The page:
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The Environment Ministry has decided to provide funding from April for the promotion of an electrical energy-saving mechanism for homes.

The junction-box device is about the size of a laptop computer and is equipped to regulate electrical power at 100 volts.

The project is part of Japan’s efforts to fight global warming by reducing emissions from homes and offices, according to ministry officials.

Implementation of such mechanisms is targeted for fiscal 2003, beginning April 1.

The ministry’s move is in response to the 1997 Kyoto Protocol, which requires industrialized countries to slash greenhouse-gas emissions from 1990 levels by an average of 5.2 percent between 2008 and 2012. Japan, which ratified the international accord on global warming in June 2002, is required to cut 6 percent.

To finance the project, the ministry plans to submit a 300 million yen budget to the 150-day regular Diet session convening Jan. 20, they said.

According to the officials, central and prefectural governments will shoulder two-thirds of the cost — amounting to some 150,000 yen.

They expect around 6,000 households to have the new system installed in the initial fiscal year.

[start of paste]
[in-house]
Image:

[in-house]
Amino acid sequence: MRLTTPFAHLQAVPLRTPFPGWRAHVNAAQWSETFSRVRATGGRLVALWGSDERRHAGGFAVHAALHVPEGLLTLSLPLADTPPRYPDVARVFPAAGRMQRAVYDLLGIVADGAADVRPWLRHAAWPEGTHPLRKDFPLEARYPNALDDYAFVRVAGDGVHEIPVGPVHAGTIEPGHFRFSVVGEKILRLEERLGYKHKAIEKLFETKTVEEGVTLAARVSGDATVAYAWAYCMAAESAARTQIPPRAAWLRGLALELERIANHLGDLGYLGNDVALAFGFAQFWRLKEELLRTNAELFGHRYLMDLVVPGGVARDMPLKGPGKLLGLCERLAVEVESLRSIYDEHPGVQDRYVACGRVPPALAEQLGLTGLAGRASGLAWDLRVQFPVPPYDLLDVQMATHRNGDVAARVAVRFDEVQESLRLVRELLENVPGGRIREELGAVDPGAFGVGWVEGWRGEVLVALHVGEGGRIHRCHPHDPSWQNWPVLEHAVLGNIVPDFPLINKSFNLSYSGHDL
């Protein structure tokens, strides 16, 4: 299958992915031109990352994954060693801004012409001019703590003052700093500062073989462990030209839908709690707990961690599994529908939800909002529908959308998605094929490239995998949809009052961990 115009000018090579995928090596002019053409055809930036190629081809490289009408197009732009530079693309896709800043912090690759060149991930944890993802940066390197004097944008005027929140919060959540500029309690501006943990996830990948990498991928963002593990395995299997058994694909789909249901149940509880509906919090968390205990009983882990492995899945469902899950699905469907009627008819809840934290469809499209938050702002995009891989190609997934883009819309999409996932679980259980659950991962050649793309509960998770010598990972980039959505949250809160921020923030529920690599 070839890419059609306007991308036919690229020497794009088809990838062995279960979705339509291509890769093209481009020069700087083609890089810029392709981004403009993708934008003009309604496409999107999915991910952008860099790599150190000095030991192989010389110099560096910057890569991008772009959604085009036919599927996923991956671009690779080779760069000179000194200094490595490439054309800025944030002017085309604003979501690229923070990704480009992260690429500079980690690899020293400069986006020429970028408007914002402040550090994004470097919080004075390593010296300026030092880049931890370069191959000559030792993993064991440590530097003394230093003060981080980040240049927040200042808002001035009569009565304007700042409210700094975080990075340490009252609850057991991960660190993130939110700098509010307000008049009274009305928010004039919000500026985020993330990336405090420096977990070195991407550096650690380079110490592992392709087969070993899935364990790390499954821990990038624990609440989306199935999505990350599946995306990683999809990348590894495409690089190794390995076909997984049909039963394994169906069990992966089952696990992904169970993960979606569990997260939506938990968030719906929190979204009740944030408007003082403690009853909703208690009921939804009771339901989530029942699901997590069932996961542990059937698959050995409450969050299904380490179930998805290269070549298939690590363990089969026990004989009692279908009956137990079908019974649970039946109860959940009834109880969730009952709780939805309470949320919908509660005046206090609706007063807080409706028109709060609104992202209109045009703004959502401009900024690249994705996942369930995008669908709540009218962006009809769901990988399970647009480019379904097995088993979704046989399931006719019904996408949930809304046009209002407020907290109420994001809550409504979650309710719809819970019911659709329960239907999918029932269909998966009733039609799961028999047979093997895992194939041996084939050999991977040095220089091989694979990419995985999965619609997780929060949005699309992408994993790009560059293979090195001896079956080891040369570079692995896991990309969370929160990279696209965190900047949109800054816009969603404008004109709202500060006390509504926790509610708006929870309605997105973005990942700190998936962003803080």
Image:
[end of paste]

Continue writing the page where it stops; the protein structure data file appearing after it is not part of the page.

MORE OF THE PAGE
Electrical power for household use is set at 100 volts, but it varies from 98 to 107 volts depending on supply and demand. The nationwide average is 103 volts.

Some major businesses have already put such a device into use as part of cost-cutting measures. NTT Data Corp. will begin sales of the household devices from spring.

The officials said lowering the voltage by 3 volts will reduce energy consumption by 6 percent. For homes paying about 110,000 yen per year for electricity, the new mechanism is estimated to reduce electricity costs by around 6,600 yen.

A 1 percent reduction in greenhouse gas emissions in the government, civilian and business sectors would be realized, according to the officials, if the new equipment were installed in all homes in Japan.

For the civilian sector alone, they hoping to decrease such emissions by 10 percent compared with 1990 levels.

According to the officials, the role of the civilian sector is vital to achieving the country’s targets stipulated in the protocol. But they said there is a limit to relying on the goodwill of individuals to use electricity more economically.

Also, local governments are studying the creation of guidelines for such power-saving equipment amid concerns that some manufacturers might sell inferior products.

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